Co-Parenting Made Easy: Expert Communication Tips For Single Mums
Communication is the key to any relationship – whether it be a relationship with a partner, family member, friend or co-worker. Communication between separated parents can be hugely challenging but is crucial to ensure co-parenting remains amicable and stress-free.
Here are some essential communication tips for separated parents from Ella Hickman of Hickman Family Lawyers based in Perth, WA.
Be Clear with Your Choice Of Words
The choice of words is crucial in any conversation, let alone in a potentially contentious discussion between you and your ex. Plan your choice of words well before engaging, focusing on getting your message across succinctly.
Speak calmly and clearly to ensure you’re fully understood and that your ex knows exactly what you’re saying. Stay focused on the issues at hand and avoid digressing onto other secondary and perhaps trivial matters, which may lead you to lose your train of thought or end up in an argument.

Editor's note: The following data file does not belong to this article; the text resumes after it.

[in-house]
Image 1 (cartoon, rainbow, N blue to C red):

Remove The Emotion from Your Communications
As hard as it may be to communicate effectively with your ex, you need to try to remove the emotional factors.
A good habit to develop is to see your co-parenting relationship with your ex as nothing more than a business partnership. Keeping your discussions focused on child-related matters will make it easier for you both to communicate only when necessary.
Sticking strictly to the facts and keeping the communications calm and courteous may also encourage your ex to communicate with you similarly, reducing the risk of conflict and making life easier for the whole family.